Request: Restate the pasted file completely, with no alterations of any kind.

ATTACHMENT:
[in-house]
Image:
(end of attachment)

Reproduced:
[in-house]
Image: